News Agencies//The United States and Turkey are finalizing plans for a military campaign to push the Islamic State out of a strip of land along the Turkey-Syria border, deepening efforts to halt the extremists’ advances.
A US official says the “Islamic State-free zone” aims to ensure greater security and stability along the border. However, the official says any joint military efforts with Turkey would not include the imposition of a no-fly zone.
Smoke rises from the Kurdish city of Kobani in Syria near the Turkish border. (Photo: Reuters)
Turkey has been pushing the US to set up a no-fly zone, though Washington has long denied those requests. Turkey did agree last week to let the US launch strikes against the Islamic State from one of its bases. The official insisted on anonymity because they were not authorized to publicly discuss the talks with Turkey.
Meanwhile, the Kurdish YPG militia on Monday captured a town from Islamic State fighters in northern Syria after a month-long offensive against the ultra hard-line militants in the area to cut their supply lines, the Syrian Observatory for Human Rights said.
The Observatory said the town near the Euphrates River was a launch pad for Islamic State to wage raids on the Kurdish-held town of Kobani further north at the border with Turkey. US-led air strikes assisted the Kurds in the assault, said Rami Abdulrahman, who runs the Observatory.
Turkish troops however, shelled positions held by the Kurdish fighters who were battling the Islamic State group with the aid of the US, Syria’s main Kurdish militia and an activist group said Monday.
The Kurdish People’s Protection Units, or YPG, said the Sunday night shelling on the border village of Til Findire targeted one of their vehicles. It said Til Findire is east of the border town of Kobani, where the Kurds handed a major defeat to the Islamic State group earlier this year.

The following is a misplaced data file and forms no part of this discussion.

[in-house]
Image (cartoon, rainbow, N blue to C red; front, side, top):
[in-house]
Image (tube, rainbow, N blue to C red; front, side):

A Turkish airstrike against ISIS positions.
In cross-border strikes since Friday, Turkey has targeted both Kurdish fighters as well as ISIS, stepping up its involvement in Syria’s increasingly complex civil war. The Syrian Kurds are among the most effective ground forces battling ISIS group, but Turkey fears they could revive an insurgency against Ankara in pursuit of an independent state.
A Turkish official said Turkish forces are only targeting Islamic State forces in Syria and the Kurdistan Workers’ Party, or PKK, in neighboring Iraq. The official said the “ongoing military operation seeks to neutralize imminent threats to Turkey’s national security and continues to target ISIS in Syria and the PKK in Iraq.”
“The PYD, along with others, remains outside the scope of the current military effort,” the official said, referring to the political arm of the YPG. The official added that authorities were “investigating claims that the Turkish military engaged positions held by forces other than ISIS.”
The official spoke on condition of anonymity because of rules that bar officials from speaking to journalists without authorization. The YPG did not say in its Monday statement whether there were casualties in the shelling.